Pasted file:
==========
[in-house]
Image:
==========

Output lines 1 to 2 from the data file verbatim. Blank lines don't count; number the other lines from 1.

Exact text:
[in-house]
Image: